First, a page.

November 1, 1971
Twenty-eight years later Ed Marinaro can laugh at the campaign launched against him when he was a leading candidate for the Heisman Trophy. Strong and durable, the Cornell running back set or tied 17 NCAA records en route to two national rushing crowns, ran for at least 200 yards in more than a third of his college games and twice scored five touchdowns in a game, but he was dogged by the Ivy League's wimpy image. "There are at least 15 better halfbacks...and all of them would love to play just once against Colgate—or Harvard," claimed a newsletter published by Penn State, which had heavily recruited Marinaro. That sort of derogatory publicity hurt: Marinaro finished second to quarterback Pat Sullivan of Auburn in the balloting. But Marinaro harbors no resentment: "Cornell gave me the confidence to know I was more than just a football player."
Now Marinaro once again finds his college feats minimized. Since freshman eligibility was reinstated in 1972, most of Marinaro's records—amassed over a mere 27 games—have fallen. However, multiply his record 174.6 yards per game over the 43 games that new record holder Ron Dayne played, and Marinaro would have outrun Dayne by 1,110.8 yards.
Following a modestly successful six-year NFL career, distinguished by trips to two Super Bowls with the Minnesota Vikings, in 1973 and '74, Marinaro turned to acting. Best known as Officer Joe Coffey on Hill Street Blues, Marinaro has recently performed in the Showtime original movie Gift of Love: The Daniel Huffman Story and in a recurring role on the ABC sitcom Oh Grow Up. "When you're used to being in the limelight as a celebrated person, it's hard to have that be over," says Marinaro, 49, explaining his career choice. That doesn't mean Marinaro views acting as an extension of his drive to compete: "I'm burnt out from competition. Competition is basically about proving you're the best, and I'm tired of having to prove myself. That's why I like fly-fishing; it's not a competition but a hobby."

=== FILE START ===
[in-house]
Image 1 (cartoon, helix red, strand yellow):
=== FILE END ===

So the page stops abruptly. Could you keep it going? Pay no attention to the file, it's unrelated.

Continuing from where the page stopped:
Between fly-fishing trips and golfing on the Celebrity Players Tour, where, Marinaro says, "I know I can't win an event," he finds time to present awards for the Special Olympics, raise funds for the Franciscan Sisters of the Poor and, of course, act. "I'm proud that I have been able to redirect my passion," Marinaro says. "In a lot of ways, what I've accomplished as an actor is greater than what I did as a football player."